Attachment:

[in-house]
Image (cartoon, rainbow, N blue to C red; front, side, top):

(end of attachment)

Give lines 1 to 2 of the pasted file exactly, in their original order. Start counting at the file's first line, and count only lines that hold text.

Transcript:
[in-house]
Image (cartoon, rainbow, N blue to C red; front, side, top):